13
Aug 11

Femme In/Visibility

posted by: ladybetty

When considering the topic of femme in/visibility I would say I have definitely experienced in/visibility as a queer femme in a straight world. Times that immediately come to mind include my first ever university queer party when I was the only person wearing a dress – a cute vintage frock at that, with my purple Dr Marten boots. I felt simultaneously visible as I stood out from the denim jeans and pants crowd, and invisible as my femme identity didn’t seem “queer” enough. I have been refused entry to queer venues as I must have been invisible to the bouncers, who read me as “straight”. *I don’t mean to disrespect straight folks, and I give my respect to trans* men and women who have come out and are living their lives courageously with partner/s of their choice who may be opposite sex. These experiences I am referring to I am positioning in relation to myself as a queer femme and how I am rendered visible or invisible by the gaze of others.

Invisibility can feel like rejection when my glamorous get-up renders me unseen or unrecognized by those I desire. I have felt invisible when I am dressed in high femme attire – hat, gloves, heels and a fabulous frock, and I confidently smile at a handsome butch on the street – only to have them look away or give me a puzzled stare in return.

Visibility can mean identifying and creating community, even in the most unlikely places. At a Peace Convergence in North Queensland, Australia, cooking with “Food not Bombs” for several hundred peace activists in 2007, I was identified as a “fat femme” for the first time, by a fellow Fat Femme from Canada.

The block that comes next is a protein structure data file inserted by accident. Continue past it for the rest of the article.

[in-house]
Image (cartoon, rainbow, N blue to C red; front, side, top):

However, visibility does not always mean security. Walking down the street with my lovers and having bottles and abuse hurled from cars at us because we are ‘fucking dykes”; I have learned not to take for granted my invisibility and the safety it can afford me when out in public. I can catch a train or bus without being asked, curiously or aggressively, “if I am a boy or a girl?” My in/visibility as queer means I am not often the target of threatened men who have something to prove. However, I can be the object of their desires, which is troubling in a different way. Deflecting male interest, I am told continuously “I don’t look like a lesbian”.

Homophobia, racism and sexism in society mean that being femme, queer, women, a person of colour, trans* or genderqueer we are not always safe from harm. It takes strength to resist the violence and oppression that shapes our lives. It uses resilience we have collectively when being true to ourselves. We are powerful when we are resisting a system of domination, hetero-normativity, class and cultural norms, which divide and make us the “other”. Our love is radical; even more so when it is not invisible.

I feel visible when my lover compliments me on my outfit, and observes admiringly that even my hair tie matches my clothes. I cherish her gaze. It is her words that I will remember long after a stranger’s insults have faded from memory. I am seen and desired by her, and it is that which matters most.